year according to the residence rules for the ACS, which uses a 2-month rule and not the census “usual residence” rule (see Section B.2 below). The measures of household member characteristics in year t from the ACS represent averages over the entire year. Reflecting the continuous data collection in the ACS, the questionnaire items (population and housing) refer to the time during the year when respondents fill out the survey form, or, for some items, to the previous 12 months.

  1. The housing units and people for whom the ACS collects data in year t are weighted to agree with independently derived estimates of total housing units and population by age, race, sex, and ethnicity as of July 1 for each of 1,951 estimation areas (described above). The application of July 1 controls may make it appear that the ACS representation of housing and population is not so different from the long-form sample, which represents April, but this is not the case. As explained below, the July 1 controls, which derive from the previous census, are not consistent with the underlying ACS data.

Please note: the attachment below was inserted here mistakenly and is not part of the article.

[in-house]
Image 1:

ACS Housing and Population Controls

For 1-year period estimates from the ACS for housing, the application of a single control for total housing units—assuming it is accurate—will capture growth (or decline) in the housing stock in an estimation area that occurred between January and June. However, it will not capture changes in the composition of the housing stock—for example, in single-unit versus multiunit dwellings—due to growth (or decline) between January and June, nor will it capture changes in the housing stock between July and December. Moreover, the application of housing unit controls for estimation areas will not capture differences in housing growth (or decline) among smaller areas within an estimation area, such as cities for which independent housing unit estimates are available but are not currently used as ACS controls. Finally, the ACS estimates of characteristics of the January housing stock will be averages over the year and not point-in-time estimates for July 1 or any other time during the year. (See Section 5-C for further discussion of the housing unit controls.)

For 1-year period estimates from the ACS for people living in the January housing stock, the application of the population controls will adjust a few more dimensions than just total population to a July 1 reference date—namely, sex, age (13 categories), and race and ethnicity (6 categories), although in practice some collapsing of the cross-classification of these dimensions is common. Yet the population adjustments will have all of the problems of the housing unit adjustments enumerated above. In addition,

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